Kurt Van Herck Trio
Van Herck is a near-ubiquitous saxophone player, with the Brussels Jazz Orchestra for instance, but he rarely leads his own groups. His last album came out 10 years ago. His new album (which, coincidentally, was waiting for me when I got home) is in trio with guitarist Jacques Pirotton and drummer Mimi Verderame, playing the unrecorded compositions of Karl Van Deun, a barely known guitarist. It's almost the Herbie Nichols Project, on a Belgian scale (and Van Deun is alive and well). The sparsely populated tent wasn't exactly the best environment for this music, what with kids running around, people moving in and out, a basketball tournament outside, etc. Still, what I managed to hear (I got there late) was unexpectedly good, but I'll listen to the CD before discussing it further.
The Bad Plus
I had high hopes - very high hopes - for this one, which were easily surpassed. If anyone invites a blow-by-blow review, it's TBP, so I apologise in advance for what's to come.
The concert was insane, as in insanely good, but also as in "TBP is crazy!" On the left, you had Ethan Iverson, generally cool as ice behind the piano or dead-panning these incredible spoken introductions that must be at least partly improvised or embellished, because even his bandmates were laughing. The intro to "1980 World Champion" was particularly good, involving Lyle Mays (not Lyle Mays), a ski jumping world champion from Ann Arbor, Michigan, who celebrated his title every day by dancing in the street. On the right, you had Dave King, whose body movements have to be seen to be believed. I guess he has a reputation as a banger, but he's actually more likely to be making a subtle kind of clatter. And then, in the middle you had Reid Anderson, the dapper bassist. What they do as a group is even more impressive live than on record: you can really see how they fit bits of improv into the the manic arrangements' interstices. And, of course, there's the random stuff thrown out apparently just to keep people guessing, such as the brief groovy soul bass solo that served as coda King's "Thrift Store Jewelery," totally unrelated to the modest melody and Latin undertow of the body of the song.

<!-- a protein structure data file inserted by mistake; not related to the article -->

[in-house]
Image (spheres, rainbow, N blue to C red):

They played a lot of new, unrecorded songs. Ethan's concert-opening "Mint" continually seemed to have two things going on at once, and juxtaposed a dozen more, starting with some great abstract piano blues. Reid is an awesome composer, whose pieces tend to have a rock song feel to them. The first encore, "Physical Cities," was the biggest and best of them: it switched between ascending piano arpeggios over a hard-driving riff and a stabbing hip hop groove. The downshift from the stomping latter to the low-lying former was particularly delicious. And then, out of nowhere, came this unison morse code staccato section, with lots of dramatic rests. Imagine the rhythm of a Tim Berne composition, played on one note. It might have lasted 90 seconds, but what was so thrilling about it was that I truly had no idea how long it would go on, or what would come next (which happened to be a massive beat based on the morse code).